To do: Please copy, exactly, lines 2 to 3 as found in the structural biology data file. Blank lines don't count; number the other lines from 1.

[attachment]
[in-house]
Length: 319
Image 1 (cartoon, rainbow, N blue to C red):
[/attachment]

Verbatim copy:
Length: 319
Image 1 (cartoon, rainbow, N blue to C red):